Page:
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At present, the combined use of CBCT 3D data and CAD/computer-aided manufacturing (CAM) technology makes it possible to manufacture custom-made, root-analogue direct laser metal-forming (DLMF) implants (RAI) with sufficient precision. [86] The introduction of DLMF technology signals the start of a new revolutionary era for implant dentistry as its immense potential for producing highly complex macro- and microstructures is receiving vast interest in different medical fields. [86] Recently, new computer-aided design and manufacturing (CAD/CAM) techniques, such as stereolithographic (SLA) rapid prototyping, have been developed to fabricate surgical guides to improve the precision of implant placement according to the patient's 3D model, which was attained from the CBCT images. [68]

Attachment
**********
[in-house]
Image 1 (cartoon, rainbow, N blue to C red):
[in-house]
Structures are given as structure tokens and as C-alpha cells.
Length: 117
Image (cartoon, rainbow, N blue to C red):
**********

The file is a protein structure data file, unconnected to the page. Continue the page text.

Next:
CBCT has reduced implant failures by providing information about bone density, the shape of the alveolus and the height and width of the proposed implant site for each patient. [9],[35],[87] CBCT does not provide accurate Hounsfield unit (HU) numbers; as a result, bone density numbers measured with this technique cannot be generalized over a group of CBCT units or patients. However, CBCT's effectiveness in quantifying and assessing the shape of the alveolus has led to improved case selection. [54],[87],[88] By knowing in advance the complications that can occur during a specific proposed treatment, the treatment plan can be designed to address the complications or to plan an alternate treatment. CBCT is commonly utilized in post-surgical evaluations to assess bone grafts and the implant's position in the alveolus. [54]

Conservative and endodontics

a. Operative dentistry

Based on the literature, CBCT cannot be justified for detecting occlusal caries. Not only does CBCT deliver higher doses of radiation than conventional 2D radiographs, it provides lower resolution than intraoral radiographs. [14] [Table 2] summarizes typical radiation scatters from various dental radiological procedures. [14]
Table 2: Objects causing "scattering effects"/scatters and noise in CBCT

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b. Endodontics